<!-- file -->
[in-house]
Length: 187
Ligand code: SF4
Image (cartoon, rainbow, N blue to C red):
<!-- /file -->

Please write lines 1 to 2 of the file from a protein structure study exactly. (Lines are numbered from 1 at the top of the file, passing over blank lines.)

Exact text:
[in-house]
Length: 187